A recently published study funded by CSL Seqirus in the journal Vaccines has provided compelling real-world data on the significant value of cell-based quadrivalent seasonal influenza vaccines (QIVc) for children compared to older egg-based QIV (QIVe) vaccines. This comprehensive study analyzed data from 16 studies across four flu seasons, emphasizing the remarkable benefits of QIVc in pediatric populations.
The primary focus of this study was to evaluate the effectiveness (VE) of QIVc in pediatric patients, although various studies also included overall assessments of QIVc with subgroup analyses based on age groups. The findings of this study are particularly noteworthy since children are the main contributors to influenza transmission. Vaccinating pediatric patients not only provides individual protection but also plays a vital role in safeguarding public health.
The results of this study, conducted from 2020 to 2023, demonstrated significant advantages of QIVc over QIVe in both pediatric and adult populations. In a three-season study in the United States, QIVc showed a relative VE (rVE) estimation of 10.0–14.8% for laboratory-confirmed outpatient cases. Furthermore, QIVc exhibited considerable benefits in reducing influenza-related medical encounters and hospitalization rates in pediatric populations.
Not only did QIVc lower the rates of pneumonia-related hospitalizations (with rVE estimates of 21.5–33.0% across studies), but it also demonstrated a reduced risk of asthma/COPD/bronchial hospitalizations (with point estimates of rVE at 13.0–13.4%) compared to recipients of QIVe.
Another notable finding was the higher effectiveness of QIVc in pediatric patients when compared exclusively to QIVe. The study highlighted that QIVc provided higher rVE against both influenza-related medical events and outpatient-only events, with estimates of 12.2% and 14.3%, respectively.
The study also noted that strain variability affected the estimates of rVE, with considerable overlap in VE estimates between QIVc and QIVe. However, data from adult populations suggested a higher effectiveness of QIVc against laboratory-confirmed, medically attended, and hospitalization endpoints in younger adults (18–64 years) when compared to QIVe. No substantial differences in effectiveness were observed between the two vaccines in adults older than 65.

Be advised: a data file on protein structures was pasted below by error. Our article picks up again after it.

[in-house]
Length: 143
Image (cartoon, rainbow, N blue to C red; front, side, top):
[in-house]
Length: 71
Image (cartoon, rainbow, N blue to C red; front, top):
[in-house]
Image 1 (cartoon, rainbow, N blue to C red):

In addition to the evident benefits for children, it is worth mentioning that vaccinating children against influenza has a positive impact on protecting other vulnerable groups, such as older adults. This reinforces the importance of maximizing childhood vaccination to achieve improved influenza-related health outcomes and reduce healthcare service utilization at a population level.
Moreover, a cost-effectiveness analysis conducted alongside the clinical findings revealed that QIVc usage in pediatric populations is not only cost-effective but also cost-saving at a societal level. Although QIVc may incur increased costs, these are offset by population-level improvements in influenza-related health outcomes and reductions in healthcare service utilization.
In line with these promising results, the Centers for Disease Control and Prevention (CDC) in the United States recommends annual flu shots for children, including the Flucelvax® Quadrivalent (QIVc) vaccine. Child vaccinations in the U.S. are often funded through the CDC’s Vaccine for Children program, ensuring widespread access to influenza vaccines for this vulnerable population.
1. What is the QIVc vaccine?
QIVc refers to the cell-based quadrivalent seasonal influenza vaccine. It is designed to offer protection against four different strains of the influenza virus.
2. Why is vaccinating children against influenza important?
Children are primary contributors to the spread of influenza. Vaccinating them helps reduce transmission rates and protects other vulnerable groups, such as older adults.
3. Are there any differences in effectiveness between QIVc and QIVe?
QIVc has demonstrated higher effectiveness compared to QIVe in various age groups. However, strain variability can impact effectiveness estimates, and both vaccines generally show similar effectiveness against influenza.
Source: [Vaccines (URL)](https://precisionvaccinations.com)